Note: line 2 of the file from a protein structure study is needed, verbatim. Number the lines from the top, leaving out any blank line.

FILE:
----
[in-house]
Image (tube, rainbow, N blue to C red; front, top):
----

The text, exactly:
Image (tube, rainbow, N blue to C red; front, top):